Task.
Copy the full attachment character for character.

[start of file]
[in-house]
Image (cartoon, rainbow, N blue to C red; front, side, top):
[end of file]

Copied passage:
[in-house]
Image (cartoon, rainbow, N blue to C red; front, side, top):